This is what you'll learn reading the book! So grab a copy!


Richard and Yohanna at Ridgedale Permaculture

This book focuses on finding solutions, not applying recipes. There are no shortcuts, you can’t read this book and find the recipe for setting up a farm, but you can understand the approach and use the given toolset to develop your own specific context and breakdown complexity

Check the Kickstarter page out: Making Small Farms Work

 
Lorenzo Costa
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Wow

After little more than 24 hours more than half the pledged sum has been backed!

I'm curious to know if fellow permies have backed this project and why.

I have had the opportunity to read a draft copy of the book and will be posting a review of it here soon
 
hunter holman
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I just loved the thought of your project
 
Lorenzo Costa
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This is a project I have followed a lot, it started well before the news of the publishing of a book came out on social media.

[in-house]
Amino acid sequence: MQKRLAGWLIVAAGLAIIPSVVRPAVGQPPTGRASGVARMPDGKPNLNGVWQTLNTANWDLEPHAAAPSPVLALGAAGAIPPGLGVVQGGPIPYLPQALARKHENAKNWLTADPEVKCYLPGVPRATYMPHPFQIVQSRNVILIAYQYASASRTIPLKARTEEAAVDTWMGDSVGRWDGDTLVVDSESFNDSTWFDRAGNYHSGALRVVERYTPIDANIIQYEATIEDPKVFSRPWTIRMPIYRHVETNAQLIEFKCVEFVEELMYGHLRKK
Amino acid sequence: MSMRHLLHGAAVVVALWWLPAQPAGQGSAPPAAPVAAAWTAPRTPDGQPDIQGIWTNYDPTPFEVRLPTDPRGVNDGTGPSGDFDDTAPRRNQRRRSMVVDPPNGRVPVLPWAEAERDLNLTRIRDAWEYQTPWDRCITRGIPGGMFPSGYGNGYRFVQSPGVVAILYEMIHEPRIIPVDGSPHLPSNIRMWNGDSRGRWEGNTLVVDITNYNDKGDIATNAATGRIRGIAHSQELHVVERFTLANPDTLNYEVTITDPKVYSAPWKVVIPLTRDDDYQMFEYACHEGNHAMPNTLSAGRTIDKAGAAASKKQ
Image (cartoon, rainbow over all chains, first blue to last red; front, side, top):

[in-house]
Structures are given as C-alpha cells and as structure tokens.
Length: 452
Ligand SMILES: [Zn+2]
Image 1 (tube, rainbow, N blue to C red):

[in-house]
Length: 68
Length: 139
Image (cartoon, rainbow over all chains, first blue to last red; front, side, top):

Who has ecnountered Richard's work at Ridgedale knows that he has pointed so much on communicating the achievements reached at Ridgedale farm. The farm work has been directly linked to the education programs they have started immediately from the first year.
Richard and Yohanna arrived at the end of 2013 in Sweden and found their site, that would have become Ridgedale, in the book Richard shares the anecdote of how the purchase went.
What really always struck me was the use of drones to document every month what had been done on the farm. The photo's from the air really give the sense of evolution and design.
I'm very happy that Richard asked me to read a draft copy of his book and share my thoughts on it.

What has struck you of this project?
 
Lorenzo Costa